FORMER top banker, James Mushore, struck gold when he landed the coveted Harare town clerk job in March 2016, but in just 24 hours, he had been booted out.

Mushore, believed to be an ally of the late former MDC leader and Prime Minister Morgan Tsvangirai, received a hostile reception at Town House, where he was rejected by former Local Government minister Saviour Kasukuwere and immediately fired.

He had been hired by the MDC-dominated council to replace purged town clerk Tendai Mahachi, who had been a thorn in the flesh of the councillors for many years.

A protracted fight ensued, leading to then mayor, Bernard Manyenyeni, being suspended from office.

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The political wars of Mushore represents the fights between the ruling Zanu PF party and the opposition MDC since the beginning of the new millennium.

MDC has won a majority of local urban seats since its inception and has taken control of major cities, including Harare, Bulawayo, Chitungwiza, Gweru, and Kwekwe, ending Zanu PF dominance since independence.

However, observers said the problem with the town clerk’s position, equivalent to a chief executive officer in a company, was more political as Zanu PF and the MDC fight for turf.

Local Government expert Precious Shumba said the conflicts were as a result of “structural conflict” between policymakers and technocrats.

“There has always been structural conflict between policymakers and technocrats in local authorities and there is a history to that,” Shumba said.

“Town clerks have for a long time been viewed as saboteurs, incompetent and corrupt such that they deliberately did not facilitate the implementation of the resolutions by councillors.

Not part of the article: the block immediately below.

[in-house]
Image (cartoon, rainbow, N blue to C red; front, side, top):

“There is a historical relationship between the senior council management and elected councillors. Councillors, especially from the opposition have always held the view that the bureaucrats they found in office served Zanu PF and central government interests.

“As a result of this long-held mistrust, a majority of the decisions and resolutions at local authorities’ level have not been implemented, and the bureaucrats have always cited lack of financial resources, yet in practice they are the ones who should provide the technical guidance to the elected policymakers.”

Shumba, however, said the situation may have changed now, thanks to Minister July Moyo’s more liberal approach.

“A lot of the town clerks and town secretaries used to enjoy the shield of the Local Government minister, but this is changing with July Moyo’s more liberal approach. Now the councillors are finding it easier to reprimand and even suspend errant officials,” he said.

He said due to political pressure in most cases, technocrats were not implementing council resolutions and most of them were used to the chief executive mentality of doing things as they please.

MDC shadow deputy minister for Local Government Clifford Hlatshwayo, said friction was rife but not in all local authorities and bemoaned the involvement of some of the town clerks in local government issues.

Hlatshwayo said some of the town clerks were conflicted and unable to serve the people.

“We have a problem with those who take political party jackets to work,” he said.

“MDC councils are clear in terms of delivering, but their efforts are sometimes frustrated by political interferences with town clerks brought in by Zanu PF to frustrate their efforts.”